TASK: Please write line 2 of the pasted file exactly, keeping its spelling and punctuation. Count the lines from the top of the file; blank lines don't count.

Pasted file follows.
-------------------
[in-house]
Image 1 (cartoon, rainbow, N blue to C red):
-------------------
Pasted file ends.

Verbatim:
Image 1 (cartoon, rainbow, N blue to C red):